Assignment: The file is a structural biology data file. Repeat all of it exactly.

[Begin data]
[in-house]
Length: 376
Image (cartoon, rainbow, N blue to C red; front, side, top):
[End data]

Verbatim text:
[in-house]
Length: 376
Image (cartoon, rainbow, N blue to C red; front, side, top):